Interviews & Profiles

Coordinating efforts to help Haiti after a devastating earthquake

City & State spoke with Assembly Member Rodneyse Bichotte Hermelyn on how she and others are sending aid to the island nation.

Assembly Member Rodneyse Bichotte Hermelyn and other assembly members have been making efforts to help Haiti.

Assembly Member Rodneyse Bichotte Hermelyn and other assembly members have been making efforts to help Haiti. lev radin/Shutterstock

Haiti was rocked by a 7.2 magnitude earthquake on Aug. 14, causing massive destruction and killing at least 1,900 people. It came after Haiti suffered a similarly devastating 7.0 earthquake, believed to be along the same fault as the latest one, in January 2010.

Several Haitian American lawmakers from New York City as well as members of the Assembly’s Haitian American Legislative Caucus have mobilized to get supplies and medical help to the country.

City & State caught up with Assembly Member Rodneyse Bichotte Hermelyn, a member of the caucus, to learn how she and others are addressing the needs of Haiti’s 11.4 million people as they begin to recover.

Who in New York’s government is coordinating relief efforts to Haiti?

It’s a concerted effort by government, both city and state. My office has been speaking to Chuck Schumer’s office. We reached out to the lieutenant governor’s office and the attorney general’s office. We’ve been very active on Mayor Bill de Blasio’s side. He announced the Mayor’s Fund (to Advance New York City) is working with organizations on the ground. We want help for the smaller, legitimate organizations that are Haitian led.

How has your office contributed thus far?

My office has turned into a donation center. So people are just coming in. News media are coming in. I get calls every day from news outlets on this and we’re talking about what’s going on currently on the ground in Haiti. As you know, the death toll has risen. It started at 29, then it went to 300, then it went to 704, then it went to 1,300 and now it’s more than 1,900. It’s just been climbing and it’s going to climb substantially.

What lessons did you learn from the 2010 earthquake relief effort that is helping you now?

We were just all over the place and we had a lot of these big NGOs (nongovernmental organizations) come in and take over our country. We’ve learned since then what organizations are on the ground that we can work with. We’ve also created our own way of funding. There’s a community trust, which is a fund people are donating to that goes to the organizations on the ground. We have organizations led by people who left New York or the United States, Haitian Americans who are now living and have lived in Haiti since the earthquake. They have their organizations there. And so we’re more prepared in terms of how to organize a first responder team. We know how to get there. We know who to contact. We know what to expect in terms of supplies needed for the first responders as well as supplies needed for people who are stuck in the rubble and the injured. There were a lot of amputations and a need for orthopedic surgeries. So we’re more prepared and we’re responding more quickly. There are other countries who are offering their help like Israel. I spoke to the Consulate General of Israel and they are sending their people. I have requested their full medical operational team who came and set up their operations last time and performed a number of surgeries and medical procedures of that nature.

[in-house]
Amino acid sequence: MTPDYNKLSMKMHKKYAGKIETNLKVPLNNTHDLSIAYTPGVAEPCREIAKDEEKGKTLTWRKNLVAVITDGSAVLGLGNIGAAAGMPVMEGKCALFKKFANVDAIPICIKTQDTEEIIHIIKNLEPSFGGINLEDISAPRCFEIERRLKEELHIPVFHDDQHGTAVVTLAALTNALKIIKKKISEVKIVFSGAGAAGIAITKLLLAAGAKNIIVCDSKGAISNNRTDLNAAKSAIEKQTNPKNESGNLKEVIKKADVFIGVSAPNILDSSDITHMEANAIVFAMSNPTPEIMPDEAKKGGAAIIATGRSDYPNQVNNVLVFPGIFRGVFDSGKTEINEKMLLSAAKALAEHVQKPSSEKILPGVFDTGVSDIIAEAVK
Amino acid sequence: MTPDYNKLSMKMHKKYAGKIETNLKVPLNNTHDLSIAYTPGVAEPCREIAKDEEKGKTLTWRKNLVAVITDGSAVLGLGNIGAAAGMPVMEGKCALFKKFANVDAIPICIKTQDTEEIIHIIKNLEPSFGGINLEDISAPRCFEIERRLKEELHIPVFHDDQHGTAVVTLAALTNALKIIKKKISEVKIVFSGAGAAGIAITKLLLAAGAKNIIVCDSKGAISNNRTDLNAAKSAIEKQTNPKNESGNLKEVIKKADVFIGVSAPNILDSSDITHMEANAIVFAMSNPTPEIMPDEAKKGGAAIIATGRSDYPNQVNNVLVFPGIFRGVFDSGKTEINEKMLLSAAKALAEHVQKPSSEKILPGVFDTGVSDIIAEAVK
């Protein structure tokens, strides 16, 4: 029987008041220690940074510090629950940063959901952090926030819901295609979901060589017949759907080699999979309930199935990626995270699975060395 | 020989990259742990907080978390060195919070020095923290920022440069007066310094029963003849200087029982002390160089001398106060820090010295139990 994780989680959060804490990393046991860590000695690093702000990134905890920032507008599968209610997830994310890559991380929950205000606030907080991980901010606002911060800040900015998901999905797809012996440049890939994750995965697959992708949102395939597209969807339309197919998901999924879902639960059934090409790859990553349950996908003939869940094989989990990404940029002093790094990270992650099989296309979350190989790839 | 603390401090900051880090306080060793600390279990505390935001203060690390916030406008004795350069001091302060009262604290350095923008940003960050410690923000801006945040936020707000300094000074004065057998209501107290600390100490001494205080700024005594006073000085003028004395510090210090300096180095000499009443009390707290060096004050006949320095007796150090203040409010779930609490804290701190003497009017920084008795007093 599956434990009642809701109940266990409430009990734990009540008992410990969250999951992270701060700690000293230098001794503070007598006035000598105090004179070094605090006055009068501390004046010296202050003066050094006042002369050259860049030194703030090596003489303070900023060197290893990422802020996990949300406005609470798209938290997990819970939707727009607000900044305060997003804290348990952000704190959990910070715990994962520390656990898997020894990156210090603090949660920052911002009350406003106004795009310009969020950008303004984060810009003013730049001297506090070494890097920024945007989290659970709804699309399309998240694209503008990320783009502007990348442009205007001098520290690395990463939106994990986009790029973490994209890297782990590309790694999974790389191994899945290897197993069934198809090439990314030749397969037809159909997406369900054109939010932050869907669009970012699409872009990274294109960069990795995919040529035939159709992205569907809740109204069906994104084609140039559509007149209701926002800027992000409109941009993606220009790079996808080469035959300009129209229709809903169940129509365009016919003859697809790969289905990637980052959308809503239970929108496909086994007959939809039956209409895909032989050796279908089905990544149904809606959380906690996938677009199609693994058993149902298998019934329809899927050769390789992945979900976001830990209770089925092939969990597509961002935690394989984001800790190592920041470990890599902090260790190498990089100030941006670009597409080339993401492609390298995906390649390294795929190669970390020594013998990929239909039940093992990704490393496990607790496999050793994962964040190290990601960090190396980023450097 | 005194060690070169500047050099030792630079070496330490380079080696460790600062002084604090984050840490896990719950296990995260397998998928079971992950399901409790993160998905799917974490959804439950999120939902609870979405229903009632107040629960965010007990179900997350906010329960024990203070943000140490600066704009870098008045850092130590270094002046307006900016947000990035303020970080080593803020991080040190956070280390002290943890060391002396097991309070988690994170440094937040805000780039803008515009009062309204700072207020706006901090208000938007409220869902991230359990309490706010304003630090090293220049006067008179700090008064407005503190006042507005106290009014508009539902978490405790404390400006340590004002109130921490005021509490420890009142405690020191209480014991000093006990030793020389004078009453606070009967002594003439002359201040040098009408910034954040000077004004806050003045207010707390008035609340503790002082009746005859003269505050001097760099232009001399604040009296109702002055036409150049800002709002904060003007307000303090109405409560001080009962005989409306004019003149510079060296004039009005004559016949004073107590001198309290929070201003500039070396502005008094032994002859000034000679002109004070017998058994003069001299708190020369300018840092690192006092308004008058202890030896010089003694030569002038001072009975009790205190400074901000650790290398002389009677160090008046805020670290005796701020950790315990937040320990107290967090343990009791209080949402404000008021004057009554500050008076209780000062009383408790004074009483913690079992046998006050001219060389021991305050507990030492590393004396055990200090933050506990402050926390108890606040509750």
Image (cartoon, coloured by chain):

Are you telling the NGOs not to come?

We cannot stop them from coming. I’m not saying they don’t do good work. I mean, they do what they need to do.

If City & State readers want to contribute, who should they contact?

I would suggest reaching out to all the elected officials of Haitian origins. We have New York City Council Members Farah Louis and Mathieu Eugene, as well as three incoming council members – Rita Joseph, Chi Ossé and Mercedes Narcisse.

And then there’s the Haitian American Legislative Caucus of the state Assembly, which includes myself, Michaelle Solages, Kimberly Jean-Pierre and Clyde Vanel. Also, we have Assembly Members Mathylde Frontus and Phara Souffrant Forrest.

Last, please describe how another earthquake impacted Haiti on the heels of a presidential assassination?

Very bad. Why? We keep getting hit with challenges constantly. We’re going through a political crisis because of the assasination of the president. We’re going through a health crisis because there’s a lack of vaccines and COVID-19 has hit Haiti hard. And now we have to go through a natural disaster. So many lives are impacted. How many more will be impacted? Not to mention we have a tropical storm coming into Haiti right now.

We have been struggling without economic stability ever since the last earthquake. We’ve had more than 10,000 people die from cholera infection. We had Hurricane Matthew in 2016. So, it’s just been a consistent number of challenges year after year. It’s disturbed many of us in our communities and to address that we now have to turn our offices around for supplies. We now need to get the attention of our local and federal elected officials. The NYPD is assisting. The Haitian American law enforcement officers are a big group in the NYPD, and right in Little Haiti, one of the commanding officers is turning their office into a supply drop-off (point). So, it’s bad. It was bad before and it’s bad again. But we have learned and we are rising to the occasion. We know what supplies we need. We know the different avenues to get there. And this time we have a lot more organizations on the ground that are helping.

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